Quakers look at business alternatives in Edinburgh

By staff writers
3 Apr 2011

The Quakers and Business Group held their Spring Gathering at Edinburgh Quaker Meeting House on Saturday 2 April 2011. The theme was 'Mainstreaming Ethical Futures'.

By the middle of the 20th century, the historic engagement of Quakers with the world of commerce, banking and industry had become attenuated. Friends had generally come to the view that the Quaker faith was best suited to working in the caring professions, where the service imperative could be most directly lived. This was widely felt to be preferable to working in business, which many Friends perceived as being characterised by greed and selfishness.

By the mid 1990s, business engagement amongst Quakers was at a low ebb. However, it was during this decade that an article in the Quaker weekly, The Friend, entitled: 'Back in Business?' drew Friends’ attention to this state of affairs, questioned its utility and generated extensive debate.

The outcome was the formation of the Quakers and Business Group which is now registered with the Charity Commission and accepted by Britain Yearly Meeting as a Recognised Interest Group.

The Group’s first project was to produce the book 'Good Business: Ethics at Work – Advices and Queries on personal standards of conduct at work'. Rooted in discussion amongst Friends, and on their lived experience in business, it was published in 2000.

Since then, the Quakers and Business Group has become a network for Quakers who are in, or interested in, the business world and for those in sympathy with its ethos.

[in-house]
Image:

Though focused on Friends in the business world, the Group has always welcomed those from the other sectors who wish to share their business process concerns.

During the Gathering in Edinburgh, Friends considered sustainability and, taking the Isle of Eigg as an example, discussed the economies of scale which can improve access to essentials for those in poverty, both rural and urban. The Eigg community was offered as an example of movement from a capitalist to a mutualist model and of its relationship to the future in terms of scale and corporate responsibility.

The manner in which small and large scale enterprises may support each other were considered. The interdependency of companies and communities of all scales, and their capacity to underpin and facilitate each other were also acknowledged.

There were concerns over the short term nature of the current investment model and of speculative interest, and a feeling that moderation must be the key factor.

Following discussion as to whether corporate responsibility was possible in a competitive economy, the participants felt that a positive outcome was possible and presented a business case for acting ethically which relied on trust as the enabler of increased profitability. 

The Spring Gathering closed with a lecture by Alistair McIntosh, business advisor to the Iona community. Entitled 'Behind and beyond the pornography of consumerism', it presented an analysis of the importance of spirituality in preventing the destruction of the planet.

The day was summed up, as is the practice of Quakers, in a minute, which reads: “We are all complicit and contradicted living in this imperfect world.  It is up to us to decide on which side of the ethical watershed we want to stand.  In order to do this we need spiritual courage.  This cannot come from an ego level, but must come from that of God within.”

[Ekk/4]

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